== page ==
Friday Froth: Connecticut Beer Triple Double

James Gribbon

When we last left Friday Froth, your occasionally humble and rapidly expanding host wastalking American Craft Beer Week, and local offerings from OEC, Stony Creek and Stubborn Beauty. We'll continue the furthering rides the Connecticut beer bus this week as we take our minds on a drive to Bristol, Hartford, and Stratford. Buckle up, because it gets heavy. 

Life is currently pretty fluid out there on the vast, rolling prairie of American craft beer. Everyone who lays hands on a mash paddle seems to be inventing a new style, or at least melting an existing style down and sculpting it into a new form. Much of this morphology arrives in the world with enough alcohol to sterilize minor gunshot wounds. These come stamped with labels marked "double" or "Imperial," which are largely interchangeable, and just mean "strong."

Two Roads's double IPA: Road 2 Ruin, is aptly named, as a matter of personal experience. It is heavy, slightly sweet, sharply bitter, and changes "Friday night" into "Saturday afternoon" with amazing alacrity. Leaving good enough alone is not a character trait of the average American brewer, however. American Craft Beer Week '15 saw the extremely limited release of Two Roads Road 2 Rouen Franco-Belgian wild IPA. At 8.3% per très European 500mL bottle, you're going to need a driver.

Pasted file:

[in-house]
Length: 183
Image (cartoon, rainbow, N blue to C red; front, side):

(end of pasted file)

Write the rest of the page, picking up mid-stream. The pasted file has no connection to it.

Road 2 Rouen is the same dark amber as its parent beer, with a slightly thicker version of an already dense head. The difference here is the addition of Belgian Trappist and Brettanomyces yeasts during primary and secondary fermentation, and there is a big, sweet Belgian perfume wafting off the top with a slight funk on the back end of the aroma. The hops are completely shoved out of the yard here. I noticed a slightly vegetal effect as I started drinking it down, almost comparable to the fermented hibiscus flowers often used in cocktails. The sweet Trappist yeasts combine with the wild Brett to create a deeply nuanced flavor. Buddy up to someone with access to a bottle or two of this, because it is very worth the experience. Bonus points if you do so in the floaty back seat of a Citroën DS.

India Pale Lagers are the red-wine-with-fish of the beer world. Some people shrug and try it, while others are screaming about heresy and trying to get this damn torch to light. Thomas Hooker decided the hell with it and brewed up Defiance Double IPL anyway. In your glass is an 8.5%, fully filtered golden beer with a medium head and big, sharp hops to the nose. The taste (and get ready for some more heresy here) is quite reminiscent of NEB Sea Hag. The hops are earthy and fruity, but there is a very well defined cutoff to all the flavors, thanks to that lager yeast. Defiance almost ends up being a bit dry, and it's that quality that kept me coming back for more. This is a particularly nice one from the folks up in Hartford, but we have to get back on the bus and head to Bristol. 

Fluffy is formidable in the form of Firefly Hollow Dire Chinchilla. Self-indulgent alliteration aside, we're talking about a fantastic name, and an imperial American ale tipping the scales at almost 10% alcohol. Amber with a sturdy head, the nose is pure caramel. The sweetness of this ale is balanced by seriously toasty malts on the first sip, and stays the course for the second and third. It is tremendously powerful as an ale, and similar to barleywine in mouthfeel, but it's counterweighted again by a hoppy, distinctively American aftertaste. Dire Chinchilla is completely unsubtle, slightly aggressive, and you still want to pet it. I'll take three, please - bites heal, and sometimes they're worth it.  

See you out there.